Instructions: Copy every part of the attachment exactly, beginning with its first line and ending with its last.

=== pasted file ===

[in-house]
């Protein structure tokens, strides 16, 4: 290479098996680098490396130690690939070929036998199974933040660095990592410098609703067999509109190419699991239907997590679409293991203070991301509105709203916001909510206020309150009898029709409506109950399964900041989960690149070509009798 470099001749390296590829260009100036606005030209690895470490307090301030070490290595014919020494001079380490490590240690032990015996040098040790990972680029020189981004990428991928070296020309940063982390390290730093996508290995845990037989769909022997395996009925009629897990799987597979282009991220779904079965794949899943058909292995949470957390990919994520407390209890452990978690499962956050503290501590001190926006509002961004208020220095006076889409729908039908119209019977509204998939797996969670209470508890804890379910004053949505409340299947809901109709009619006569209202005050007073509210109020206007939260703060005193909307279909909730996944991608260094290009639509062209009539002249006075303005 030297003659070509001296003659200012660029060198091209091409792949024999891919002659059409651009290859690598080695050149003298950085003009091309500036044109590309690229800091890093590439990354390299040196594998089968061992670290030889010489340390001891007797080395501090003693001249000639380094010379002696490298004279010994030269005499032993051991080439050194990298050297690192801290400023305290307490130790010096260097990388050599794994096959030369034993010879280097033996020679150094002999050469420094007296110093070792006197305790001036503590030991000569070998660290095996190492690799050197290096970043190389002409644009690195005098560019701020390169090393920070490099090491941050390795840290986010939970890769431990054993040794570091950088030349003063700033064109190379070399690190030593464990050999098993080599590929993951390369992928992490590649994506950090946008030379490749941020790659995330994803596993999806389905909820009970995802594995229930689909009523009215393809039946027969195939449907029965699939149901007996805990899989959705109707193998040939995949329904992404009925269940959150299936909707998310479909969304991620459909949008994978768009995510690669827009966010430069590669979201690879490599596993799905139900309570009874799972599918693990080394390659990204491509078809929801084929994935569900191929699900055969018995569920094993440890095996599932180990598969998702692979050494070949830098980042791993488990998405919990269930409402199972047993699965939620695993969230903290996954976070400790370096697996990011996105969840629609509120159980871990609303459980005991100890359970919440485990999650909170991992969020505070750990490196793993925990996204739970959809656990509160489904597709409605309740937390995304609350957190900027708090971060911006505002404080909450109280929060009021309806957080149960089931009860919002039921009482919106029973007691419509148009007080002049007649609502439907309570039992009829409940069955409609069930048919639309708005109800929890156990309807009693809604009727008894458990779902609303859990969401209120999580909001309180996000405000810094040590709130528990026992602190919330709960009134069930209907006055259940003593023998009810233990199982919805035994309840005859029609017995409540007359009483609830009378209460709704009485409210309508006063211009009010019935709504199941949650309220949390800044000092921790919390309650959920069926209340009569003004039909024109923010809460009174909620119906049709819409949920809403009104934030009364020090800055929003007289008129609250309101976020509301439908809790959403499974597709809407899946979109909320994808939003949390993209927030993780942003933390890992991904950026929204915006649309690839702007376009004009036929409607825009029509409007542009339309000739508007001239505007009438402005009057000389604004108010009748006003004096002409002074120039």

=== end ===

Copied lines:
[in-house]
């Protein structure tokens, strides 16, 4: 290479098996680098490396130690690939070929036998199974933040660095990592410098609703067999509109190419699991239907997590679409293991203070991301509105709203916001909510206020309150009898029709409506109950399964900041989960690149070509009798 470099001749390296590829260009100036606005030209690895470490307090301030070490290595014919020494001079380490490590240690032990015996040098040790990972680029020189981004990428991928070296020309940063982390390290730093996508290995845990037989769909022997395996009925009629897990799987597979282009991220779904079965794949899943058909292995949470957390990919994520407390209890452990978690499962956050503290501590001190926006509002961004208020220095006076889409729908039908119209019977509204998939797996969670209470508890804890379910004053949505409340299947809901109709009619006569209202005050007073509210109020206007939260703060005193909307279909909730996944991608260094290009639509062209009539002249006075303005 030297003659070509001296003659200012660029060198091209091409792949024999891919002659059409651009290859690598080695050149003298950085003009091309500036044109590309690229800091890093590439990354390299040196594998089968061992670290030889010489340390001891007797080395501090003693001249000639380094010379002696490298004279010994030269005499032993051991080439050194990298050297690192801290400023305290307490130790010096260097990388050599794994096959030369034993010879280097033996020679150094002999050469420094007296110093070792006197305790001036503590030991000569070998660290095996190492690799050197290096970043190389002409644009690195005098560019701020390169090393920070490099090491941050390795840290986010939970890769431990054993040794570091950088030349003063700033064109190379070399690190030593464990050999098993080599590929993951390369992928992490590649994506950090946008030379490749941020790659995330994803596993999806389905909820009970995802594995229930689909009523009215393809039946027969195939449907029965699939149901007996805990899989959705109707193998040939995949329904992404009925269940959150299936909707998310479909969304991620459909949008994978768009995510690669827009966010430069590669979201690879490599596993799905139900309570009874799972599918693990080394390659990204491509078809929801084929994935569900191929699900055969018995569920094993440890095996599932180990598969998702692979050494070949830098980042791993488990998405919990269930409402199972047993699965939620695993969230903290996954976070400790370096697996990011996105969840629609509120159980871990609303459980005991100890359970919440485990999650909170991992969020505070750990490196793993925990996204739970959809656990509160489904597709409605309740937390995304609350957190900027708090971060911006505002404080909450109280929060009021309806957080149960089931009860919002039921009482919106029973007691419509148009007080002049007649609502439907309570039992009829409940069955409609069930048919639309708005109800929890156990309807009693809604009727008894458990779902609303859990969401209120999580909001309180996000405000810094040590709130528990026992602190919330709960009134069930209907006055259940003593023998009810233990199982919805035994309840005859029609017995409540007359009483609830009378209460709704009485409210309508006063211009009010019935709504199941949650309220949390800044000092921790919390309650959920069926209340009569003004039909024109923010809460009174909620119906049709819409949920809403009104934030009364020090800055929003007289008129609250309101976020509301439908809790959403499974597709809407899946979109909320994808939003949390993209927030993780942003933390890992991904950026929204915006649309690839702007376009004009036929409607825009029509409007542009339309000739508007001239505007009438402005009057000389604004108010009748006003004096002409002074120039």